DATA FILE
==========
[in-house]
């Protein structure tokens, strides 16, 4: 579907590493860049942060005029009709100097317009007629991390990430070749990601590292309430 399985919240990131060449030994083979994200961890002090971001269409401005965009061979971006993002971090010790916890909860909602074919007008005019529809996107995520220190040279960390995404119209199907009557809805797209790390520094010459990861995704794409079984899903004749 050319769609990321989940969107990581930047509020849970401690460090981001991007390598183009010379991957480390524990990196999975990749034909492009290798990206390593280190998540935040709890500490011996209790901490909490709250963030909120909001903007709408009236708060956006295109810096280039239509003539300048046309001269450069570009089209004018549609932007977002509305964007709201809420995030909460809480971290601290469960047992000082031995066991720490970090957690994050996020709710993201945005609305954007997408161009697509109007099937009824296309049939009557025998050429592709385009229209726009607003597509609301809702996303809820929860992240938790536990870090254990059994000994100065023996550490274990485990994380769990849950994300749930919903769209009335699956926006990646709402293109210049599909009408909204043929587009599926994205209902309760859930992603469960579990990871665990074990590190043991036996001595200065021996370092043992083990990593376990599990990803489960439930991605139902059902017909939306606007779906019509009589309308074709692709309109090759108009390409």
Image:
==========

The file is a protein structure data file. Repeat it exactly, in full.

[in-house]
């Protein structure tokens, strides 16, 4: 579907590493860049942060005029009709100097317009007629991390990430070749990601590292309430 399985919240990131060449030994083979994200961890002090971001269409401005965009061979971006993002971090010790916890909860909602074919007008005019529809996107995520220190040279960390995404119209199907009557809805797209790390520094010459990861995704794409079984899903004749 050319769609990321989940969107990581930047509020849970401690460090981001991007390598183009010379991957480390524990990196999975990749034909492009290798990206390593280190998540935040709890500490011996209790901490909490709250963030909120909001903007709408009236708060956006295109810096280039239509003539300048046309001269450069570009089209004018549609932007977002509305964007709201809420995030909460809480971290601290469960047992000082031995066991720490970090957690994050996020709710993201945005609305954007997408161009697509109007099937009824296309049939009557025998050429592709385009229209726009607003597509609301809702996303809820929860992240938790536990870090254990059994000994100065023996550490274990485990994380769990849950994300749930919903769209009335699956926006990646709402293109210049599909009408909204043929587009599926994205209902309760859930992603469960579990990871665990074990590190043991036996001595200065021996370092043992083990990593376990599990990803489960439930991605139902059902017909939306606007779906019509009589309308074709692709309109090759108009390409």
Image: